Technology Memo: Passwords and Digital Credentials


Technology Memo

No. 1 Topic: Managing Passwords and other Digital Credentials at Brandeis University


It requires little in the way of persuasion to convince, well, anyone, that passwords are unpleasant: they’re difficult to type, harder to remember, and, sadly, they offer only diminishing security for our personal and private information. Yet for the time being passwords remain our primary means of verifying the identity of individuals before granting access to services or data.  This document details some upcoming changes to how Brandeis maintains digital credentials and discusses some planned future enhancements.

It is worth briefly discussing what passwords do. Passwords don’t intrinsically provide any security; rather, a password is a secret that (in theory) is known only to an individual. By providing the password when prompted, you as an individual are identified; that is, the combination of the username and password tells the system who you are—and because the password is a secret known only to you, it verifies that you are who you say you are.

Creating Strong Passwords

passwords map graphic

A strong password has usually meant one that is difficult to guess. Yet with the advent of powerful computing, it has become possible to make repeated guesses at a password, thousands if not millions of times per minute.1 The effect of this is that an ordinary 8-character password, by itself, offers limited protection against hacking. The standard approach to addressing this is to require passwords of greater and greater complexity and length—thus leading to more forgotten or mistyped passwords, an increased burden on helpdesks, and user frustration and anger.

Why Bother?

First, passwords do get stolen, and they get stolen in a number of different ways. Additionally, we regularly see brute force2 attempts to log into an account using commonly used passwords. In the last 90 days, for example, there have been numerous attempts on dozens of accounts from various cities in the U.S., Africa, Eastern Europe, Iran, and China. By requiring the use of strong passwords, we are attempting to slow the ability to use the stolen password long enough for us to detect its use, detect its theft, or lower our attractiveness as a target.3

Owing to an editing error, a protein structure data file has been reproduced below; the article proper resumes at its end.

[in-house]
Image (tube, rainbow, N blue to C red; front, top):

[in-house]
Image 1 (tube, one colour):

Achieving this does not require absurdly complex passwords, but it does require the use of longer passwords or passphrases. For example, using a well-known method for evaluating passwords,4 we see that the apparently very strong password &xy90UJ! would take ~7 years to crack; whereas the much easier to remember passphrase rain Spain falls plain would take centuries to crack. Here are a few more samples in this table:

password crack time

Since it is obvious that long, comprehensible, and memorable sentences make for much stronger credentials than traditional passwords, it is compelling to ask, “why are we still using traditional passwords?” The answer is historical more than technical. Because of the long use of passwords, many applications assume that the password “ends” when it encounters the first space character. Thus “Rosebud Was The Sled” will be seen as merely “Rosebud,” a word found in dictionaries and instantly crackable.

It’s also reasonable to ask why, if a password can resist being cracked for a century, it would ever need to be changed. First, note that those estimates for crack time make a number of assumptions about how the password is stored. If you use the same password at Brandeis that you use for a poorly secured website or game site, the thief may be able to simply read your password—no cracking necessary.  Thus it becomes a balancing act—we require you to change your password periodically based on a reasonable estimate of how long it might take to crack it. While it would be possible to calculate a unique password expiration period for everyone, supporting this (and explaining it) can get complicated. Therefore, our policy will be to require annual password changes for shorter passwords, and biennial changes (every two years) for longer passwords and passphrases.

Second, despite being a violation of policy and best practice, we know from experience that people do occasionally share a password. By periodically requiring the password to change, we effectively reset that decision.

Ultimately, passwords are like stoves, to quote Mark Twain:

We do not remember the exact date of the invention of stoves, but it was some years ago. Since then mankind have been tormented once a year, by the difficulties that beset the task of putting them up, and getting the pipes fixed.5